Food Cos move online – cut TV adspend
WASHINGTON: Food companies cut spending on television ads that market less-healthy food in the US to children and increased marketing on the Internet and through mobile devices, according to a Federal Trade Commission report.
The companies designated $1.79 billion for marketing to people ages 2 to 17 in 2009, compared with $2.1 billion in 2006, according to the report released on Thursday. Adjusted for inflation, the drop was almost 20%, the agency said.
At the same time, online and mobile marketing rose by 51% to $122.5 million, according to the report. The US child obesity rate has almost tripled since 1980 to 17%, or 12.5 million people, according to the US Centers for Disease Control and Prevention.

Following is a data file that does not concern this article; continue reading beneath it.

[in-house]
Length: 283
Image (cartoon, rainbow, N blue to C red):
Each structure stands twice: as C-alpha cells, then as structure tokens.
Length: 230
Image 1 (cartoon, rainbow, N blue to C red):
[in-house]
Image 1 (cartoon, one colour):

The findings suggest industry self-regulation isn’t doing enough to limit advertising to children, said Margo Wootan, nutrition policy director at the Center for Science in the Public Interest.
“It’s great that a number of food and media companies have stepped up and agreed to self-regulate, but as currently practiced, the self-regulatory system is weak and ineffective,” Wootan, whose consumer advocacy group is based in Washington, wrote in an e-mail.
The companies’ efforts were in response to consumer pressure to help reduce obesity and improve the nutrition of products on supermarket shelves. The online and mobile ads have grown as they cost less, Wootan said.